Interspecific variation in primary seed dispersal in a tropical forest


*Correspondence author. E-mail:


  • 1We investigated the relationships of seed size, dispersal mode and other species characteristics to interspecific variation in mean primary seed dispersal distances, mean annual seed production per unit basal area, and clumping of seed deposition among 41 tropical tree species on Barro Colorado Island, Panama.
  • 2A hierarchical Bayesian model incorporating interannual variation in seed production was used to estimate seed dispersal, seed production, and clumping of seed rain for each species from 19 years of data for 188 seed traps on a 50-ha plot in which all adult trees were censused every 5 years.
  • 3Seed dispersal was modelled as a two-dimensional Student's T distribution with the degrees of freedom parameter fixed at 3, interannual variation in seed production per basal area was modelled as a lognormal, and the clumping of seed rain around its expected value was modelled as a negative binomial distribution.
  • 4There was wide variation in seed dispersal distances among species sharing the same mode of seed dispersal. Seed dispersal mode did not explain significant variation in seed dispersal distances, but did explain significant variation in clumping: animal-dispersed species showed higher clumping of seed deposition.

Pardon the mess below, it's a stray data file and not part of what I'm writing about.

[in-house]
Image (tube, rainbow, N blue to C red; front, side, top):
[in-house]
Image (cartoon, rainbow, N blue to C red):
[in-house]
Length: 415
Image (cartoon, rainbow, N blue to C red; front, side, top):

• 5Among nine wind-dispersed species, the combination of diaspore terminal velocity, tree height and wind speed in the season of peak dispersal explained 40% of variation in dispersal distances. Among 31 animal-dispersed species, 20% of interspecific variation in dispersal distances was explained by seed mass (a negative effect) and tree height (a positive effect).
  • 6Among all species, seed mass, tree height and dispersal syndrome explained 28% of the variation in mean dispersal distance and seed mass alone explained 45% of the variation in estimated seed production per basal area.
  • 7Synthesis. There is wide variation in patterns of primary seed rain among tropical tree species. Substantial proportions of interspecific variation in seed production, seed dispersal distances, and clumping of seed deposition are explained by relatively easily measured plant traits, especially dispersal mode, seed mass, and tree height. This provides hope for trait-based generalization and modelling of seed dispersal in tropical forests.